Further, municipalities and local service districts within a 25-kilometre radius would be eligible for two per cent of the royalty.
The funds for communities and landowners will come out of the 40-per-cent profit royalty.
A provincial official suggested that other royalty structures are in a similar range as those planned in New Brunswick.
Angie Leonard, a spokesperson for the Canadian Association of Petroleum Producers, said the industry will need more time to look at the proposed regulations.
But Leonard applauded the provincial government for clarifying rules surrounding the oil and gas industry in the province.
She also said it is too early to tell whether the 40 per cent royalty on profits will deter companies from developing in New Brunswick.
Imposing higher fines
The existing penalties for companies that violate any of the laws governing the oil and gas industry range from $640 to $10,400.
But the provincial government is going to hike those penalties as high as $1 million.
Another change is the provincial government is going to take more control over levying the fines.
The Department of Natural Resources would be empowered to impose the penalties, instead of relying on charges to be laid in court and the fines being ordered by a judge.
Northrup said the existing system is "too slow and not a good use of court time."
The provincial government found itself in a difficult situation last year when Windsor Energy began seismic testing in Sussex before it received permission from the town council.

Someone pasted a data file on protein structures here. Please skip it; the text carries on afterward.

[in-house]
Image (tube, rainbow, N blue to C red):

Northrup forwarded a complaint to the RCMP, but no charges were laid.
Windsor Energy could have been fined as much as $5,200.
Now, the provincial government could levy as much as $500,000 for a company breaking the same rule.
Northrup said the "grey area" that was exposed during the Windsor Energy controversy is now gone.
"I feel very, very confident that from here on in we will be able to act on that situation on that day or the next day as far as imposing fines or hauling back the licences," he said.
The two cabinet ministers say there are enough provincial officials working for the government to enforce these new rules and impose the fines.
The environment minister said there are about 30 inspectors in his department that monitor these companies.
"As things develop, if the industry grows, then we will make sure we have the people on the ground," he said.
Last month, Windsor Energy Inc. was granted a five-year lease to continue exploring for oil and natural gas in southern New Brunswick.
Drilling could begin next year, with government approval, the company's chief executive officer Khalid Amin has said.
Alward pledged strongest rules on continent
Premier David Alward previously said he wants the province to have the strongest shale gas exploration regulations on the continent.
The premier has also said the shale gas industry could provide huge economic benefits for the province, which is struggling with a deficit of $183 million and high unemployment.
Alward has promised, however, that those economic benefits won't come at the expense of the environment.
The provincial government has faced mounting criticism in the last year over shale gas exploration and the use of the controversial hydraulic fracturing process.
Hydro-fracking is a process where exploration companies inject a mixture of water, sand and chemicals into the ground, creating cracks in shale rock formations. That process allows companies to extract natural gas from areas that would otherwise go untapped.
Opponents of the process say it could have a negative effect on local water supplies and many of them have held protests across the province.
Four scientists at the University of New Brunswick also recently raised concerns about the amount of fresh water for hydro-fracking and the treatment needed for waste water.